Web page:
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CellScope Project To Bring Low-Cost Lab Tools To The Field

Researchers at the University of California, Berkeley, are proving that a camera phone can capture far more than photos of people or pets at play. They have now developed a cell phone microscope, or CellScope, that not only takes color images of malaria parasites, but of tuberculosis bacteria labeled with fluorescent markers. The prototype CellScope, described in the July 22 issue of the online journal PLoS ONE, moves a major step forward in taking clinical microscopy out of specialized laboratories and into field settings for disease screening and diagnoses. "The same regions of the world that lack access to adequate health facilities are, paradoxically, well-served by mobile phone networks, " said Dan Fletcher, UC Berkeley associate professor of bioengineering and head of the research team developing the CellScope.

Gore Receives FDA Approval For Next Generation Of Large Diameter GORE VIABAHN R Endoprosthesis With Heparin Bioactive Surface

W. L. Gore & Associates (Gore) today announced that it has received approval from the US Food and Drug Administration (FDA) to market the most up-to-date design for the GORE VIABAHN® Endoprosthesis for device diameters 9 - 13 mm. The next generation of the large diameter product enables streamlined deployment on the same 0.035" guidewire and TIP to HUB direction as the 5 - 8 mm sizes. Additional modifications to the large diameter GORE VIABAHN Endoprosthesis include radial device expansion, a contoured proximal edge and a lower profile that is now available for most sizes. "The self-expanding, covered, GORE VIABAHN Endoprosthesis offers elegant and versatile endovascular solutions to difficult vascular problems, " said Michael B.

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John Muir Health Foundation Funds Advanced Robotic Technology For Minimally Invasive Surgery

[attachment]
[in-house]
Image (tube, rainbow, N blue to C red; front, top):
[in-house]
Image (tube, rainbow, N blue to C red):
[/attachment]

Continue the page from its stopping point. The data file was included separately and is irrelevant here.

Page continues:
John Muir Health Foundation, the charitable fundraising organization for all John Muir Health programs and services, has provided funding to enable John Muir Health to purchase two advanced high definition daVinci® Surgical Systems for its Walnut Creek and Concord campuses. Surgeons at John Muir Heath will use the daVinci® "robots" for a variety of minimally invasive urological, gynecological, gynecologic/oncologic and colorectal treatments. "Smaller gifts add up, and thanks to the generous giving of our local community, the Foundation was able to provide the funds to help advance the hospital's robotic-assisted surgeries, " said Milt Smith, president of the John Muir Health Foundation.

Biomedical Imaging: Twinkling Nanostars Cast New Light

Purdue University researchers have created magnetically responsive gold nanostars that may offer a new approach to biomedical imaging. The nanostars gyrate when exposed to a rotating magnetic field and can scatter light to produce a pulsating or "twinkling" effect. This twinkling allows them to stand out more clearly from noisy backgrounds like those found in biological tissue. Alexander Wei, a professor of chemistry, and Kenneth Ritchie, an associate professor of physics, led the team that created the new gyromagnetic imaging method. "This is a very different approach to enhancing contrast in optical imaging, " said Wei, who also is a member of the Purdue University Center for Cancer Research and the Oncological Sciences Center.

Protons In The War On Cancer

Latest research on proton therapy highlights medical physics meeting next week in Anaheim Proton therapy -- which uses beams of the subatomic particles to treat cancer -- is a hot topic at this year's American Association of Physicists in Medicine (AAPM) meeting, which takes place from July 26 - 30 in Anaheim, CA. Ways to make the technology more effective, cheaper, and smaller will be discussed, and news of research on proton computed tomography (proton CT) -- which uses protons to image the body's interior -- will be unveiled to a wide audience for the first time. The reason proton beams are better for some types of cancer than other therapeutic forms of radiation, such as X-rays, is that well-aimed energetic protons deposit more of their energy inside cancerous tissue and less in neighboring healthy tissue.

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Practice Makes Perfect - Motor Memory Possible For Neuroprosthetic Control

"Practice makes perfect" is the maxim drummed into students struggling to learn a new motor skill - be it riding a bike or developing a killer backhand in tennis. In order to become proficient in any motor task, all that practice must eventually modify the performer's nervous system so that stable motor memories of the physical actions are formed. In this week's issue of PLoS Biology, new research reveals that macaque monkeys can achieve a kind of consolidation of motor memory when using a neuroprosthetic device to complete a motor action. The finding could have a role in increasing the ease with which physically disabled people can master the control of artificial limbs and other disembodied devices.

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